Check Point is gearing up to widen its UK managed partner tally for the first time in five years to reflect its recent growth.
The vendor currently has 16 managed partners in the UK, including Platinum partners HP Information Security, Integralis, 2e2 and Secure Data, a line-up that has remained rigid since 2007.
With UK revenue quadrupling over that period, Terry Greer-King, UK managing director at Check Point, said the time is right to bring in some fresh blood.
Potential partners' "goodness"– meaning their ability to sell a wide variety of products rather than just farming renewals – will be valued above raw sales, he emphasised. He pinpointed Security Partnerships as an example of an existing Gold partner that sold "almost all its blades", showing it is having far-reaching conversations with customers.
"We need to get more reach," Greer-King said. "Could I do this through existing partners? I could, but I am coming to the mind set that we need a few more as well."
Greer-King (pictured) claimed there is a huge appetite among the 2,500 Check Point partners that sit at or below Bronze level to step up, once they have overcome the initial fear factor of working with a vendor of its size.
The number of managed partners could be increased by up to 25 per cent, while those currently sitting in its top tiers may also be rejigged.
"They may be engaged on competitive solutions and are running out of steam, either on the product or with that vendor's channel approach," he explained.
Greer-King claimed new recruits would benefit from the high margin they can retain from selling its kit, high service attach rates and its recently launched free 3D reporting tool, which resellers can use to expose vulnerabilities in end-user networks.
Since the launch six weeks ago, 120 3D reports have been delivered by either Check Point or one of its partners in the UK. Greer-King claimed 70 per cent had exposed a flaw, leading to a potential sales opportunity.
Check Point this week launched GAiA, a unified secure platform that brings together its legacy operating system with that of its Nokia security acquisition. Meanwhile, it has also lifted the lid on ThreatCloud, which it is billing as a free "collaborative network" that its customers can use to fight cybercrime.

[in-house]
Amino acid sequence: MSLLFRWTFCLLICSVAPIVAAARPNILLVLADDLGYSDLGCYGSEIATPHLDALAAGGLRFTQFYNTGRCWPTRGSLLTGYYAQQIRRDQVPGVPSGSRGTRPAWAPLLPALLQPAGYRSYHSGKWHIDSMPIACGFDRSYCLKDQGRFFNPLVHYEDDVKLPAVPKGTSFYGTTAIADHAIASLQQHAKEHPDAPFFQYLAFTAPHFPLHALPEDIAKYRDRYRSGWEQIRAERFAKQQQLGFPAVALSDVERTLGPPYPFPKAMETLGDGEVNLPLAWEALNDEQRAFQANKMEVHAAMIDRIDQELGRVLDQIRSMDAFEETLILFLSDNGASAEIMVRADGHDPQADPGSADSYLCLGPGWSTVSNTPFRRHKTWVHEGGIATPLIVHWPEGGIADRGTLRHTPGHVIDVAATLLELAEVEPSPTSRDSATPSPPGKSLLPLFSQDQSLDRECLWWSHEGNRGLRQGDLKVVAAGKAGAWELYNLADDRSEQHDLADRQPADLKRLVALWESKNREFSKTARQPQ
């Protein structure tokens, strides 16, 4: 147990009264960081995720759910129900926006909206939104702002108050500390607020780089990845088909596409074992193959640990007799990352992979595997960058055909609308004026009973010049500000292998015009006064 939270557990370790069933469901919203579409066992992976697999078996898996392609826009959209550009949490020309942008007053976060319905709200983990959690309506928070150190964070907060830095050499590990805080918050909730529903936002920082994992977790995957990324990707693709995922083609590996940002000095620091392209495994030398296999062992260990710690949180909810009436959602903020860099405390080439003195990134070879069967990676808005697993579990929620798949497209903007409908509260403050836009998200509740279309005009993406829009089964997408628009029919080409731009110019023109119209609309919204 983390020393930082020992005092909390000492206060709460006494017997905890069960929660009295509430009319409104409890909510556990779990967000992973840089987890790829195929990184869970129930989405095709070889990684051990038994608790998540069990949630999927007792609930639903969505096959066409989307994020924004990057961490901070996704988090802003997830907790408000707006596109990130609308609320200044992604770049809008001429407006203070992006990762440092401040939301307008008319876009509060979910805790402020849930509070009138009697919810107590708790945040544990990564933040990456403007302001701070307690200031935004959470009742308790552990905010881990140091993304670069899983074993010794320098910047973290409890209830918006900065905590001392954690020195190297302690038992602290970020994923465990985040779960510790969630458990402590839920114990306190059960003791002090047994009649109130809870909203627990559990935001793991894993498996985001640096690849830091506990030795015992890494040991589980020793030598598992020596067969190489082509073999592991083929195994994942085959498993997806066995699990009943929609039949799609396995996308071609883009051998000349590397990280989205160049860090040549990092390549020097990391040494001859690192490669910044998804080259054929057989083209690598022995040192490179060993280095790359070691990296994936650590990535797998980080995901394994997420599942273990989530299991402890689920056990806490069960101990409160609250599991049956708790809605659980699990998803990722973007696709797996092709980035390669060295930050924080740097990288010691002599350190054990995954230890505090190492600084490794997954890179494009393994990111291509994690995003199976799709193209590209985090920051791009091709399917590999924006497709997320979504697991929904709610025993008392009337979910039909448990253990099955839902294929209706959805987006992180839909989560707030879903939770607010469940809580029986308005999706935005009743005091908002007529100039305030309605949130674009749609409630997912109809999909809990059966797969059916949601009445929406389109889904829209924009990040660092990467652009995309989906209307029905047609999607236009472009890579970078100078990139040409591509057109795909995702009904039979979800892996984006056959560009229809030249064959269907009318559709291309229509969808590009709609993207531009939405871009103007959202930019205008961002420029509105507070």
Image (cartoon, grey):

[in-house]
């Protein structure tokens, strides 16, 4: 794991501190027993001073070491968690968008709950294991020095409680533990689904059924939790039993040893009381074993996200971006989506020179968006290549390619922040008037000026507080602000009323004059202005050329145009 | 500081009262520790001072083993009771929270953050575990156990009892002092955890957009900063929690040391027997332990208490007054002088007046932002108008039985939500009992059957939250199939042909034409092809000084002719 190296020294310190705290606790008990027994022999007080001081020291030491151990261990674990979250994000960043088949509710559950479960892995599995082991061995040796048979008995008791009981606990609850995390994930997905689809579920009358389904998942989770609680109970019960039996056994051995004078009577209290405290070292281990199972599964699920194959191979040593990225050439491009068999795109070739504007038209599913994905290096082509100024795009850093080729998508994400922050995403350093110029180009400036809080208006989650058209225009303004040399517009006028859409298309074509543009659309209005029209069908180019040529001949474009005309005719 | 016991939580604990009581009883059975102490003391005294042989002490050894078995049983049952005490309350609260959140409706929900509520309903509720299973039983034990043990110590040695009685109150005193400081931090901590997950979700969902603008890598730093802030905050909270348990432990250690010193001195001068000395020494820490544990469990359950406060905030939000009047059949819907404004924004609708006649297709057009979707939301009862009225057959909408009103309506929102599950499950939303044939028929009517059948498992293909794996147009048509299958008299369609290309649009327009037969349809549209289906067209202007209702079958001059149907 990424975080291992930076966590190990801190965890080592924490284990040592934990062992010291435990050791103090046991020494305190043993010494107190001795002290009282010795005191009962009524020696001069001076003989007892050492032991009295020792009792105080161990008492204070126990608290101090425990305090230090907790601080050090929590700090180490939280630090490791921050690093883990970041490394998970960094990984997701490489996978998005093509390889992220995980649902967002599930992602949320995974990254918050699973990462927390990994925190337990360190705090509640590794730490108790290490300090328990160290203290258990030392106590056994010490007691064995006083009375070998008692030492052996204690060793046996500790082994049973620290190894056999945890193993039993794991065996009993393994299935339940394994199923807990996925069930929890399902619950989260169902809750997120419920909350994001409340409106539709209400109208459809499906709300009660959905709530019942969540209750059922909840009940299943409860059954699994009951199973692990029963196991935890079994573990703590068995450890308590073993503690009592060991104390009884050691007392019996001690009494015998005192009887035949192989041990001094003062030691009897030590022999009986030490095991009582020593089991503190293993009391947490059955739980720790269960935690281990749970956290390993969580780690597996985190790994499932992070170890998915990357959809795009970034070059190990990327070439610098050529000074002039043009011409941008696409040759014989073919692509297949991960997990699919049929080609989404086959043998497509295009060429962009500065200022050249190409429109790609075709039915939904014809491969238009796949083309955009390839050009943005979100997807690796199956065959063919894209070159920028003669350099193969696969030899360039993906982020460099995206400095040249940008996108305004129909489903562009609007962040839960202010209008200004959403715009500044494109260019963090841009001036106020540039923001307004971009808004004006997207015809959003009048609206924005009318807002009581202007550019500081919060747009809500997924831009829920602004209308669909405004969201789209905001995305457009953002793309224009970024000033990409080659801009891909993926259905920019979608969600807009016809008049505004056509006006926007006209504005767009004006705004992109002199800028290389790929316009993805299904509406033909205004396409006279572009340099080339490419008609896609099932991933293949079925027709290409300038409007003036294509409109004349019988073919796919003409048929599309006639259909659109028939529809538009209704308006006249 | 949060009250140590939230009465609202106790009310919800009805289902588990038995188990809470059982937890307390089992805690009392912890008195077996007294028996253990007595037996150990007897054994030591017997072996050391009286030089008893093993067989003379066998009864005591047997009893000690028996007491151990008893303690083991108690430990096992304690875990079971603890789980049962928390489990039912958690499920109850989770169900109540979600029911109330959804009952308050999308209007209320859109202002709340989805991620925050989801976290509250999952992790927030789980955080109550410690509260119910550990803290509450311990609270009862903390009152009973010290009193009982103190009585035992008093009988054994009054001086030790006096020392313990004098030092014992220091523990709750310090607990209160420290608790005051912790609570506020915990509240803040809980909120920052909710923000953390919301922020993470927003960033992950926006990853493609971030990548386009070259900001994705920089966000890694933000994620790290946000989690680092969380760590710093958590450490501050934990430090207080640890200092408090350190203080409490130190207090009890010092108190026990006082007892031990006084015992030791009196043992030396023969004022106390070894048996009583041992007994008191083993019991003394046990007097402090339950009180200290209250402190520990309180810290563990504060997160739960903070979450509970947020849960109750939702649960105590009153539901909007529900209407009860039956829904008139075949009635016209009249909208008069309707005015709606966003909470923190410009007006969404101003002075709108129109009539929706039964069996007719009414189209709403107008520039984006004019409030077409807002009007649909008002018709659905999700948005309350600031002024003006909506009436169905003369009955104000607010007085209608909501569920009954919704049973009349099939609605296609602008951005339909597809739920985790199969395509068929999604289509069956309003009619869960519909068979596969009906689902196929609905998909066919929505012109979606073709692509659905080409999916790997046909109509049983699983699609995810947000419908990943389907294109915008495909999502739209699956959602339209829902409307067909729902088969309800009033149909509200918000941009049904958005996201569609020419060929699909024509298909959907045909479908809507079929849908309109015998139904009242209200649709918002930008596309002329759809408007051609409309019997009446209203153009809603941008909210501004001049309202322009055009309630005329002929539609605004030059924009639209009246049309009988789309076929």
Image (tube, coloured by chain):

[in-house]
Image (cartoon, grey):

"This will establish a worldwide community of Check Point customers who can share information among themselves," said Greer-King. "It will give resellers another opportunity to talk to customers about strategy and take the high ground."
John Gilbertson, managing director of Security Partnerships, said: "The higher echelons of Check Point's partner programme have remained static for a number of years and maybe this does not reflect the efforts of the smaller, more agile partners."
Gilbertson said his firm had already run five 3D reports.
"It is a useful tool for both resellers and customers to give a snapshot of what is really going on on the network. The first one we did was a government organisation and within an hour we had found a significant data loss. They are now looking at a DLP solution."
XMA bosses on becoming a 'performance VAR', pocketing £50m of Misco leftovers, and acquisition near-misses
Lee Hemani and Andy Wright reveal that XMA is aiming to boost net profits to three per cent of revenues as they run through the growth ambitions of the UK's ninth-largest reseller
The biggest threat to any company's security strategy is actually their own staff. At this exclusive CRN event next month, find out how you can help your customers ensure they stay protected from within as well as from external threats.
Businesses also admit to holding data without permission of subjects
Zedsphere says end-point security vendor's offerings will be a 'key' feature of its wider portfolio